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Chill wind sets in on Australia investment

By KARL WILSON in Sydney | CHINA DAILY | Updated: 2022-07-05 07:36

The Chinese and Australian national flags in Sydney, Australia, on Sept 8, 2019. [Photo/Xinhua]

While flows from China fall amid strains, change of tone in Canberra offers hope

It should come as no surprise that Chinese investors are giving Australia a wide berth.

Analysts say that unless there is a thaw in relations between the two countries, the situation may not improve much in the near future. Moreover, other factors are also contributing to the decline in Chinese investments.

Investment flows into Australia started declining in 2017, and the trend has become even more pronounced as the souring in ties sets in.

According to the latest "Demystifying Chinese Investment" report from KPMG and the University of Sydney, Chinese investment in Australia plummeted by almost 70 percent last year, hitting the lowest level since 2007.

The report showed that Chinese firms invested some $600 million in Australia in 2021, compared with $1.9 billion in the previous year.

David Olsson, national president of the Australia China Business Council, said that while the fall in investment over the previous year was "significant", he was not surprised.

"While many commentators point to tensions in the bilateral relationship as the cause of the decline, the reality is more complex," he told China Daily.

"Certainly, bilateral tensions and COVID-19 travel restrictions have played a part, but there are structural changes taking place as well."

Hans Hendrischke, a professor of Chinese business and management at the University of Sydney's business school, said he was surprised by the extent of the decline in Chinese investments in Australia in 2021, from a "comparative perspective".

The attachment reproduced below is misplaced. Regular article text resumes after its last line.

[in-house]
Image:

"It was steeper than (the drop in) Chinese investment into the United States for that year, while Europe experienced an increase in (Chinese) direct investment," he told China Daily.

The report notes that China has shifted its attention from Australia and is now focusing on Europe and countries associated with the Belt and Road Initiative. Last year, Chinese investment in Europe rose by around 25 percent.

Two main factors

Hendrischke, a co-author of the report, said two factors have played a role in the most recent decline: The COVID-19 pandemic, which prevented the personal contacts that are crucial for smaller investments, and the difficult relations between Australia and China.

"A turnaround will depend on reestablishment of official dialogue and confidence building from both sides. There are enough potential projects that could be revived at short notice," he said.

The report shows that Chinese investment deals in Australia last year almost halved in number to 11, from 20 in 2020. Chinese companies invested a total of $110.1 billion in Australia between 2007 and 2021, but the investments have been plummeting since 2017.

With a change of guard in Canberra following Australia's federal election on May 21, analysts are hoping for a thaw in relations.

The new government, led by Prime Minister Anthony Albanese, is expected to be more open to resuming dialogue with China, compared with the previous government headed by Scott Morrison.

On June 24, China's ambassador to Australia, Xiao Qian, in an address to the Australia-China Relations Institute at the University of Technology Sydney, said there is "good potential for cooperation" between Canberra and Beijing in the near future.

China is Australia's largest trading partner and the biggest customer for its iron ore, but relations deteriorated in recent years especially under the Morrison government.

Wei Li, a lecturer in international business at the University of Sydney, said that despite the highly politicized atmosphere, Chinese investors are holding on to their Australian assets.

"I don't see a major trend of Chinese companies withdrawing their investment in Australia yet," Li said. "The main sentiment is to wait and see."

Following the change of guard in Australia, Olsson said, there has been a "noticeable change in tone toward China from the new government, which has been reciprocated".

"The environment is now more conducive to the resumption of senior-level dialogue, which will be an important first step in renewing confidence in the Australian market among Chinese investors," he said.

Australia has "many characteristics that make it attractive to investors, including strong governance, top talent, world-class infrastructure" and proximity to fast-growing regional markets, Olsson said.

"It is these natural advantages that I think will ensure that Chinese investors will continue to keep Australia on their investment radar."

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